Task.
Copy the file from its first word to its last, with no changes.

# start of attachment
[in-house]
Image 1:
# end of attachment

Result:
[in-house]
Image 1: